Chris Froome has won the 2013 Tour de France. Now I know how anticlimactic the action was from 1999 to 2005 when Nobody (AKA Lance Armstrong) won the Tour. He’d grab an insurmountable victory margin anywhere from the opening time trial to the first or second mountain stage, and then just open it up a bit more at every opportunity. There could be other interesting stages, sprints, contests for the points jersey or the other podium spots, but the biggest prize, the overall (General Classification, or GC) victory, was never in doubt.
This year Froome has a lead of about 3 minutes. Until yesterday his own teammate, Richie Porte, was in second. However that has all changed, and now some more bona fide contenders trail him. But given Froome’s overall climbing and time trialling skills, he can only fall out of the lead by crashing.
Yet today’s stage shows how much exciting action can enter the race even on the current of something as invisible as a stiff breeze during a flat stage. Crosswinds broke the peloton into small groups, who struggled along in a double-echelon formation. Alejandro Valverde, podium contender, crashed and fell disastrously behind. Struggling with a few teammates against the wind, he could not hang in contention. Conversely, Alberto Contador and his Saxo-Bank team attacked Froome, his weakened Sky team, and the struggling peloton with about 20 km to go. He grabbed back about 68 seconds to put himself back into contention for the podium. And with both Mont Ventoux and the Alps ahead, including the bizarre double climb of L’Alpe d’Huez, with a little more luck, who knows what could happen? Should I just ignore my own opening assertion?

Tour de France 2013, Take 1: Wiggo and the White Whale

I have not commented on this year’s Tour de France yet, though I have watched it with great interest.  If you want a comprehensive and perceptive stage-by-stage analysis, I suggest Matt Gilchrist’s Weblog, also linked from my Blogroll.  The rather odd field that started the race last Saturday did not include last year’s overall winner, Brad Wiggins.  He has had an up-and-down early 2013 season, set back by injuries and illnesses, but he is also contending with internal team politics and his own athletic motivation.

The internal politics at Team Sky Pro Cycling already have led to the departure of one of the best sprinters in the world, Mark Cavendish, after a one-year presence there.  The “Manx Missile” saw he never would receive full team support for his sprints as long as there is such a strong push on the team for an overall GC victory.  Reminds me a bit of earlier sprinters like Erik Zabel of the old Deutsche Telekom team, which always supported GC contender Jan Ullrich first and foremeost, or Robbie McEwen, who just never raced with a really strong sprinter-supporting team.  They proved they could win sprints anyhow, but it was not easy, an certainly not something that Cavendish’s massive ego could accept.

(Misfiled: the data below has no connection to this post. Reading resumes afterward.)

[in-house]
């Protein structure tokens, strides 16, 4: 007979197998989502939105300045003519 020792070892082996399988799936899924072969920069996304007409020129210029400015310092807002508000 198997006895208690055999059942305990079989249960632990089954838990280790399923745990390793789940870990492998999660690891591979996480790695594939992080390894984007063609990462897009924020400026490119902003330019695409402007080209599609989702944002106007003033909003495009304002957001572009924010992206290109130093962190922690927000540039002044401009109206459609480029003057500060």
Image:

But there remain on Team Sky not only Wiggo but Chris Froome, who gave glimpses last year that he might be the better climber of the two (not surprising, since Wiggins began as a track racer).  An organization in any sport with two captains on the same squad is inviting divisive turmoil.  To try to avoid such chaos, this year the Team Sky game plan was to back Wiggins in the Giro d’Italia and Froome in the Tour.  But Wiggo fizzled out in Italy, and decided he didn’t even want to contest the hundredth running of the TdF.

And that’s where the athletic motivation comes into play.  Just last week on DVD I saw Wiggins being interviewed right after winning the Tour in 2012.  He said it was the thrill of a lifetime, and he’d always dreamed of winning the TdF.  He seemed very satisfied, and did not indicate that he had ambitions for multiple victories.  Then this year he announced early on that the Giro would be his principal goal, and even intimated that he’d ride a supporting role for Froome in the Tour.  Wiggins is no spring chicken, having been 32 years old last summer.  He could not realistically plan on a path of several years’ development of stage racing form up to the level of winning a string of multiple Tours.

But there’s more to it than that in my book.  Wiggo just seems to be the kind of athlete whose competitive fires don’t rage in the direction of amassing multiple achievements of the same goal.  He’s happy with his Tour victory as a one-off, not as the first step to greater glory, in contrast to others such as the mysterious ghostly “nobody” who is not in the current record books but whose golden presence certainly haunted the Champs Elysees TdF podiums from 1999 to 2005.  Wiggo’s being able to say “been there, done that” and go off into other cycling pursuits makes him more like the rest of us, pleased to have been somewhere great but kind of over it afterwards.   Leave it to the obsessive Captain Ahabs of life to pursue their mythic and alarmingly large, all consuming visions even to the edge of doom.

©Arnold J. Bradford, 2013